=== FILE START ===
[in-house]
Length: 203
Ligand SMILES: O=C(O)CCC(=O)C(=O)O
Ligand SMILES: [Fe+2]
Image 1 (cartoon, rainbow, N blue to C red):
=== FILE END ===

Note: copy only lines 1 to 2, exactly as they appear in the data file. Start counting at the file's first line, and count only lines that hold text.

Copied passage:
[in-house]
Length: 203